"Sinking, like quicksand" expanding educational opportunity for young men of color

Research output: Contribution to journalArticle

Abstract

Purpose: The purpose of this interpretive case study is to examine the assumptions underpinning one Upward Bound program to understand how the program attempts to increase educational opportunity for poor urban youth and how this approach plays out in the lived experiences of three young men who participate in the program. Research Design: This study of an Upward Bound program was conducted at a large urban university in the Northeast. Based on the methodological framework of interpretive interactionism by Norman Denzin (1989), this interpretive case study was conducted over an entire academic year. Formal and informal interviews, observations, and document analysis were used to gather data to understand the phenomena being studied in-depth. The conceptual lenses of Amartya Sen and Martha Nussbaum frame the analysis of this study, revealing the logic and limits of focusing on achievement alone to increase educational opportunity for impoverished youth. Findings: The director of g'College Access Initiativeg believes that this program can increase educational equity and opportunity for impoverished youth by: a) emphasizing an ethic of rugged individualism, b) insisting that the young men focus on the future, and c) immersing students in an intense academic and test preparation program. The findings of this study reveal that this academic approach to expanding educational opportunity for the young men was not sufficient for increasing their freedom to focus on academic achievement or to stay in the program. Conclusions: These findings suggest an urgent need for coordinating academic support programs with other social, economic, and human service agencies serving poor communities if we are to enhance real opportunities to achieve for impoverished youth.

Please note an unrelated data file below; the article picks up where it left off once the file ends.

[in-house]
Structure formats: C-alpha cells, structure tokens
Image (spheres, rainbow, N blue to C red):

Original languageEnglish (US)
Pages (from-to)71-114
Number of pages44
JournalEducational Administration Quarterly
Volume45
Issue number1
DOIs
StatePublished - Feb 2009

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educational opportunity
interactionism
document analysis
individualism
social economics
academic achievement
research planning
director
equity
moral philosophy
university
interview
community

Keywords

  • African American males
  • Equity and education
  • Latino males
  • Social justice
  • Upward Bound programs

ASJC Scopus subject areas

  • Education
  • Public Administration

Cite this

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abstract = "Purpose: The purpose of this interpretive case study is to examine the assumptions underpinning one Upward Bound program to understand how the program attempts to increase educational opportunity for poor urban youth and how this approach plays out in the lived experiences of three young men who participate in the program. Research Design: This study of an Upward Bound program was conducted at a large urban university in the Northeast. Based on the methodological framework of interpretive interactionism by Norman Denzin (1989), this interpretive case study was conducted over an entire academic year. Formal and informal interviews, observations, and document analysis were used to gather data to understand the phenomena being studied in-depth. The conceptual lenses of Amartya Sen and Martha Nussbaum frame the analysis of this study, revealing the logic and limits of focusing on achievement alone to increase educational opportunity for impoverished youth. Findings: The director of g'College Access Initiativeg believes that this program can increase educational equity and opportunity for impoverished youth by: a) emphasizing an ethic of rugged individualism, b) insisting that the young men focus on the future, and c) immersing students in an intense academic and test preparation program. The findings of this study reveal that this academic approach to expanding educational opportunity for the young men was not sufficient for increasing their freedom to focus on academic achievement or to stay in the program. Conclusions: These findings suggest an urgent need for coordinating academic support programs with other social, economic, and human service agencies serving poor communities if we are to enhance real opportunities to achieve for impoverished youth.",
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